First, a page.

+which was wintering with Cicero to be cut off, when suddenly assaulted;
 +he declares himself ready to cooperate in that design. He easily gains
 +over the Nervii by this speech. ​
 +
 +===== Chapter 39 =====
 +
 +Accordingly,​ messengers having been forthwith dispatched to the Centrones,
 +the Grudii, the Levaci, the Pleumoxii, and the Geiduni, all of whom
 +are under their government, they assemble as large bodies as they
 +can, and rush unexpectedly to the winter-quarters of Cicero, the report
 +of the death of Titurius not having as yet been conveyed to him. That
 +also occurred to him, which was the consequence of a necessary work
 +- that some soldiers who had gone off into the woods for the purpose
 +of procuring timber and therewith constructing fortifications,​ were
 +intercepted by the sudden arrival of [the enemy'​s] horse. These having
 +been entrapped, the Eburones, the Nervii, and the Aduatici and all
 +their allies and dependents, begin to attack the legion: our men quickly
 +run together to arms and mount the rampart; they sustained the attack
 +that day with great difficulty, since the enemy placed all their hope
 +in dispatch, and felt assured that, if they obtained this victory,
 +they would be conquerors forever. ​
 +
 +===== Chapter 40 =====
 +
 +Letters are immediately sent to Caesar by Cicero, great rewards being
 +offered [to the messengers] if they carried them through. All these
 +passes having been beset, those who were sent are intercepted. During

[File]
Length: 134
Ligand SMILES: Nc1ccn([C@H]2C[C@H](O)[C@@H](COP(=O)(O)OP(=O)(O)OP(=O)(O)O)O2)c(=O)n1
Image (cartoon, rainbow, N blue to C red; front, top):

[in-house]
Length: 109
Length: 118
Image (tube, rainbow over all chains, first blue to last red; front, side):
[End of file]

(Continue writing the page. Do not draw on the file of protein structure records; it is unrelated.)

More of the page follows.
+the night as many as 120 towers are raised with incredible dispatch
 +out of the timber which they had collected for the purpose of fortification:​
 +the things which seemed necessary to the work are completed. The following
 +day the enemy, having collected far greater forces, attack the camp
 +[and] fill up the ditch. Resistance is made by our men in the same
 +manner as the day before; this same thing is done afterward during
 +the remaining days. The work is carried on incessantly in the night:
 +not even to the sick, or wounded, is opportunity given for rest: whatever
 +things are required for resisting the assault of the next day are
 +provided during the night: many stakes burned at the end, and a large
 +number of mural pikes are procured: towers are built up, battlements
 +and parapets are formed of interwoven hurdles. Cicero himself, though
 +he was in very weak health, did not leave himself the night-time for
 +repose, so that he was forced to spare himself by the spontaneous
 +movement and entreaties of the soldiers.
 +
 +===== Chapter 41 =====
 +
 +Then these leaders and chiefs of the Nervii, who had any intimacy